By Angela L. Braden
With Babyboomers climbing into their senior years, many of their adult children are finding themselves not only caring for their young children, but also faced with the challenge of taking care of one or both of their aging parents. Finding oneself sandwiched between the responsibilities of being a “good” daughter or son, in addition to being a “good” parent can create a great deal of physical and emotional stress. That stress can lead to strained familial relationships, regretful financial decisions, and physical illness of the caregiver.
Let’s face it… Because of the health disparities in the African American community, many African Americans become ill in their senior years. Often these illnesses result in a person requiring extensive medical services and costly prescription drugs. Sometimes, it becomes necessary for adult children of these aging parents to stand in the gap when their parent does not have the funds to cover the cost of these expensive medical services, supplies, and prescriptions. And unfortunately, since many African Americans find themselves living check to check, helping Mama or Daddy requires juggling, or just sometimes having to say “no.” Of course, saying no to your parent does nothing less than causes certain individuals to be overwhelmed with guilt, frustration, and even anger.
In addition to aging parents needing money to help their means stretch to meet the end, they sometimes need time in the form of a ride to the store, help cleaning the house, or just a visit from their adult children and grandchildren. But because many individuals spread themselves so thin in the time and energy realm, giving Mama and Daddy time in the evenings once they get off work or on the weekends, is quite difficult.
So, how does one manage to care for an aging parent, take care of the kids, satisfy the needs of their significant other, pay the bills at their house and some of the bills at their parents’ house, and squeeze in some time to take care of themselves without going completely insane? It’s not easy! However, it is possible. Here are some tips to help you manage if you find yourself challenged with the responsibility of taking care of your parent in their senior years.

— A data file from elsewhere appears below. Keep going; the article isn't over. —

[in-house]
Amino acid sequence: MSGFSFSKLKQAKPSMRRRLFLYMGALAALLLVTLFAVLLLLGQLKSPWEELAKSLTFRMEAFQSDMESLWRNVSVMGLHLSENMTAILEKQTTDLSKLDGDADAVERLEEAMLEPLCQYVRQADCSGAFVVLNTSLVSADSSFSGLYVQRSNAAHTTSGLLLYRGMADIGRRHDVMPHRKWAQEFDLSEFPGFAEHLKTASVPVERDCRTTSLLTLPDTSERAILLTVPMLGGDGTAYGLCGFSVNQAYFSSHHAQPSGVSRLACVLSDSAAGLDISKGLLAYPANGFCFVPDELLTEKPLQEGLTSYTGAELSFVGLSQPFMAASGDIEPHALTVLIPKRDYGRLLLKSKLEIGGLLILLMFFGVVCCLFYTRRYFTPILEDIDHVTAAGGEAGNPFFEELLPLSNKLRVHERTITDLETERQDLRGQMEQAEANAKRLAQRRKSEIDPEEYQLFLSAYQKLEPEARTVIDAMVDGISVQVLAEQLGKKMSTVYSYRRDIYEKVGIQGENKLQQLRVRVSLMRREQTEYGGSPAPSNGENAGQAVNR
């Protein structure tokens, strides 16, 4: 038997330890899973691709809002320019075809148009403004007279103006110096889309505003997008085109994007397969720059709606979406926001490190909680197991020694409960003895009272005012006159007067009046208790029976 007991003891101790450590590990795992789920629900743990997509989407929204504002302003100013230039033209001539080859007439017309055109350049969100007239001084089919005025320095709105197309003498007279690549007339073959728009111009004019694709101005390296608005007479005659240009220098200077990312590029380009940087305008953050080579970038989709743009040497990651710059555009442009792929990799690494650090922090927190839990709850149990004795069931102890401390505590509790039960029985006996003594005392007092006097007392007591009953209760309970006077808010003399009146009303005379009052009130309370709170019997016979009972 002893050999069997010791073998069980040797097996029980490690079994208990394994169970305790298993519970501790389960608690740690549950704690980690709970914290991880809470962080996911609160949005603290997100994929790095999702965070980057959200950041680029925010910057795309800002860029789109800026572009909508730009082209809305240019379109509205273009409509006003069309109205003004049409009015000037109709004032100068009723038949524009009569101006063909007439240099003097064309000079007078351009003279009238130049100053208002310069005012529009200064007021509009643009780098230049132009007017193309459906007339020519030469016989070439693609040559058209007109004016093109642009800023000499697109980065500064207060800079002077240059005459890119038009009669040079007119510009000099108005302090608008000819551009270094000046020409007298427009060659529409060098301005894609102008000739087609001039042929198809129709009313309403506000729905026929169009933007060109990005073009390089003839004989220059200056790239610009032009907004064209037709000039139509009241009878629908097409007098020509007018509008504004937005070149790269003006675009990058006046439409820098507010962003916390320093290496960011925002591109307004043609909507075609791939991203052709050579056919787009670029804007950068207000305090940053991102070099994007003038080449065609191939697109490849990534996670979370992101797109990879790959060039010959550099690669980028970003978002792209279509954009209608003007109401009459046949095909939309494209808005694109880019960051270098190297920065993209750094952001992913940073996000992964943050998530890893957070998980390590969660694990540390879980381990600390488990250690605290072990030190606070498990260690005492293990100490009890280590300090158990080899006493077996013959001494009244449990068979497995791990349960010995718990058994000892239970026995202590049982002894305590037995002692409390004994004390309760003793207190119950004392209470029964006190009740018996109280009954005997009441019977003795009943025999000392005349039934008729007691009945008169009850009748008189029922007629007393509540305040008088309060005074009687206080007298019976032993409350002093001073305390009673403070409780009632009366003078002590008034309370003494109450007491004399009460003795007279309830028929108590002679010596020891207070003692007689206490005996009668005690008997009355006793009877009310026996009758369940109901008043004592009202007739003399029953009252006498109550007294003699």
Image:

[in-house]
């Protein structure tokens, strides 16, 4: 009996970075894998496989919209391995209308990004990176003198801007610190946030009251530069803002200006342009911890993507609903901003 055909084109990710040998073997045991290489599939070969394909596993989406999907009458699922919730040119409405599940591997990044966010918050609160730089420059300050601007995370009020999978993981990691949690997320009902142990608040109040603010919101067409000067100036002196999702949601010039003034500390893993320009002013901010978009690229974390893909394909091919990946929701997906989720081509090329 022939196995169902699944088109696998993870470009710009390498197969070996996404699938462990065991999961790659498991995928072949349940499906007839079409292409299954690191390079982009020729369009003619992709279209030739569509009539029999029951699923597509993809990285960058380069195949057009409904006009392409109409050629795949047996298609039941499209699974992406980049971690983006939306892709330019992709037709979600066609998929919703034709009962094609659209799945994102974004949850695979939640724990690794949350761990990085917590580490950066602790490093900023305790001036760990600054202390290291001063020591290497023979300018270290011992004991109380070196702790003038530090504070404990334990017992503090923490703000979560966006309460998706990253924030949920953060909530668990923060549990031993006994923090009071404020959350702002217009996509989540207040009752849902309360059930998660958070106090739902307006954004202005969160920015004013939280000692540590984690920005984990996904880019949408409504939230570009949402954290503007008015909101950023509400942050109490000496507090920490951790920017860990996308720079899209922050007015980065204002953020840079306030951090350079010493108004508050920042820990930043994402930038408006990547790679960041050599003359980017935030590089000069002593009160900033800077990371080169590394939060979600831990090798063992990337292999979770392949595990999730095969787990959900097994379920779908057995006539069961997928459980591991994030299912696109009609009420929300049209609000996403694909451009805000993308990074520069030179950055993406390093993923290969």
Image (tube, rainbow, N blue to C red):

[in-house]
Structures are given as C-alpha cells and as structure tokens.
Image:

1. Consult with a social worker, other family, and close friends to learn about any community resources that your parent can access to help with the cost of household bills, medical services, and prescription drugs. Often, there is help for seniors that go untapped because we don’t know they exist. Learn about these services and access them.
2. Be sure to inform your siblings about what it is your parent’s needs are. Do not assume that your parent has already told them or asked them for help. Tell your sibling you need their help financially or with fulfilling household chores at the parent’s home.
3. Help your parent create a financial budget that is appropriate. Perhaps there is money that can be reallocated to better serve your parent and their emerging needs as a senior.
4. Remember to take time for yourself! If you don’t take care of yourself, you will breakdown physically, mentally, and spiritually. That means you need to organize time you can rest, get physical exercise, and engage in social opportunities.
5. Become comfortable with saying no. Sometimes no is necessary. Sometimes no is the only option. No is tough to say, but it can save you from a lot of heartache.
6. Forgive yourself for not being superman or superwoman. I know it’s hard to believe, but you cannot save the world. Just do what you can.
Angela L. Braden is an award winning blogger, college educator; and motivational speaker. To learn more about how this blind woman is helping audiences all over the country see their way to their personal best, visit www.bradenspeaks.com.